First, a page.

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Isles hope to survive ‘Hurricane’ season

Finally return to Brooklyn ice in second-round opener Friday night

April 25, 2019 JT Torenli
The Islanders and Carolina Hurricanes will begin the fight to advance to the Eastern Conference Finals Friday night here in Downtown Brooklyn. (AP Photo/Adam Hunger)
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For one of the few times this season, Barry Trotz was dead wrong.

Way back on Nov. 26, the Islanders’ first-year head coach told his former team that they’d have to “go through the [expletive] Island” to repeat as Stanley Cup champions.

That was just four and a half months after he’d led the Washington Capitals to their first-ever NHL title.

Turns out the Capitals didn’t have enough to survive an epic first-round series against the Carolina Hurricanes.

News for those who live, work and play in Brooklyn and beyond

And as for “the Island”, it won’t play host to any of New York’s remaining playoff games.

So on Friday night in the heart of Downtown Brooklyn, the Isles will return from a 10-day layoff following their startling first-round sweep of the Pittsburgh Penguins and host Carolina in Game 1 of the Eastern Conference semifinals at the Barclays Center.

Trotz, who spent the first two decades of his NHL coaching career pursuing and ultimately winning Lord Stanley’s coveted chalice last June, was receiving his championship ring from his former team prior to Washington’s 4-1 victory over New York four days after Thanksgiving on the corners of Atlantic and Flatbush.

He told team captain Alex Ovechkin and the Caps that while they were fully capable of winning a second straight title, they’d have to fight their way through his new team to do so.

With an early 2-0 lead and late one-goal advantage Wednesday night in our nation’s capital, Washington appeared primed to host New York this weekend in the opener of a best-of-7 second-round series.

But Jordan Staal’s third-period goal evened the contest at 3-3 and when Brock McGinn redirected a shot off the stick of Justin Williams past Braden Holtby midway through the second overtime, the Isles finally knew exactly when and where they’d be playing hockey again following their extended hiatus.

Following a 10-day layoff, head coach Barry Trotz and the New York Islanders will finally get back to the business of playoff hockey Friday night at Downtown’s Barclays Center.(AP Photo/Gene J. Puskar)
Following a 10-day layoff, head coach Barry Trotz and the New York Islanders will finally get back to the business of playoff hockey Friday night at Downtown’s Barclays Center. AP Photo/Gene J. Puskar

Instead of booking a flight to D.C. or returning to the “Old Barn” in Uniondale, N.Y., they’d be back at the arena where they haven’t played since Feb. 16.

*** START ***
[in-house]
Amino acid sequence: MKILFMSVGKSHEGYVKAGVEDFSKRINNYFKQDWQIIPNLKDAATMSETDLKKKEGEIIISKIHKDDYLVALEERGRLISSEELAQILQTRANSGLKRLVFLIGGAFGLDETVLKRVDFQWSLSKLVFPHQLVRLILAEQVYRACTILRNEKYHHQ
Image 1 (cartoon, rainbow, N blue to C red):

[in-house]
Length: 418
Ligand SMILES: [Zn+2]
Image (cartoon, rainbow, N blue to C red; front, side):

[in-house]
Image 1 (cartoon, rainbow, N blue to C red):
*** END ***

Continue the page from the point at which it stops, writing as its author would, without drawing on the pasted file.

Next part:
Aside from practice, New York hasn’t hit the ice in earnest at all since posting a 3-1 Game 4 victory in Pittsburgh on April 16.

“It feels like we haven’t played for a while,” Trotz admitted Monday. “We’re using the time [off] productively.”

Part of that productivity was getting healthier.

Veteran forward Cal Clutterbuck and Scott Mayfield both appear ready for action against the Hurricanes after leaving the series finale in Pittsburgh with undisclosed injuries.

The Isles beat Carolina three times in four meetings during the regular season, including a season-opening 2-1 overtime victory here in Brooklyn on Oct. 4.

Back up netminder Thomas Greiss, who hasn’t seen any playing time since April 4 at Florida, started all four games vs. the ‘Canes and held Carolina to one goal in each of the first three meetings.

But Vezina Trophy finalist Robin Lehner, who limited Pittsburgh to four even-strength goals in the first round, is likely to be back between the pipes Friday night as the Isles continue their pursuit of the franchise’s fifth Stanley Cup title and first since 1983.

Carolina, much like New York, is a team built on its stalwart defense, which ranked seventh in the league in goals against.

The Isles, who finished first overall in GAA just one year after ranking dead last, will see a mirror image when they hit the ice at Barclays on Friday night.

“I think Carolina is a lot more similar to what we are,” Lehner said of the ‘Canes. “They’ve very, very good defensively. They play well in all three zones. They work really, really hard.”

Trotz, who coached Williams, a three-time Stanley Cup champion, in Washington, also ceded that Carolina would be a formidable foe for his Isles, even before he knew his November prediction would be foiled by the ‘Canes.

“If we end up playing Carolina, there’s a lot of character in that room,” he told the New York Post following the completion of the Penguins series.

“I’ve had Justin Williams and I know his character,” he added. “I know his leadership. I know that team in Carolina, you watch them, they have a lot of heart. They have some highly skilled players. They might have one of the more underrated [defensive] corps in the National Hockey League.”

And they will also have to deal with what should be a sellout crowd here in Brooklyn.

“Our fans are going to be there and they’ll blow the roof off the place like they always do,” said veteran Isles forward Matt Martin, who was part of the last playoff series win here in our fair borough back in 2016.

“In terms of venue, it really doesn’t matter, our fans will bring the noise and we just have to go out there and do our jobs and feed off the crowd.”

And follow their brilliant coach’s lead as they have done all season long, even if he isn’t much of a soothsayer.

“Honestly, I just want to play,” Trotz said.

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